Association of Lysyl oxidase (LOX) polymorphisms with the risk of Keratoconus in an Iranian population

Background: Keratoconus is a connective tissue-related eye disease with unknown etiology that causes the loss of visual acuity. Lysyl oxidase (LOX) is an amine oxidase that catalyzes the covalent cross-link of collagens and elastin in the extracellular environment, thus determining the mechanical properties of connective tissue. The current study aimed to investigate the possible associations between two LOX polymorphisms, rs1800449 and rs2288393, and susceptibility to keratoconus.

Methods: A total of 262 Iranian subjects including 112 patients with keratoconus and 150 healthy individuals as controls were recruited. Genotyping for the LOX variants was performed using allele-specific PCR.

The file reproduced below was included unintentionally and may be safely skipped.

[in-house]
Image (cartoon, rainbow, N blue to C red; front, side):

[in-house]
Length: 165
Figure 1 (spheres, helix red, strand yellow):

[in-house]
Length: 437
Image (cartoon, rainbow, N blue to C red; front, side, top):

Results: A significant difference was found between two groups regarding allelic and genotyping distribution of LOX polymorphism at position rs1800449 G>A. The frequency of AA and GA + AA genotypes were increased in patients compared to controls (17% versus 8% and 62.5% versus 50%, respectively), showing a statistically significant difference (OR = 2.827, 95% CI: 1.251–6.391, p = 0.012). The A allele was associated with an increased risk for keratoconus, with the frequency of 39.9% and 29% in patients and controls, respectively (OR = 1.614, 95% CI: 1.119–2.326, p = 0.011). Furthermore, the haplotype analysis revealed that the rs1800449G/rs2288393C is a protective factor against keratoconus (OR = 0.425, 95% CI = 0.296–0.609, p = 0.001). Conversely, the +473A/rs2288393C (OR = 3.703, 95% CI = 2.230–6.149, p = 0.001) and +473G/rs2288393G (OR = 15.48, 95% CI = 3.805–63.03, p = 0.001) haplotypes were identified as risk factors for keratoconus.

Conclusion: Our study demonstrated that the LOX rs1800449 genotypes (AA and GA + AA) and allele (A) appears to confer risk for susceptibility to keratoconus.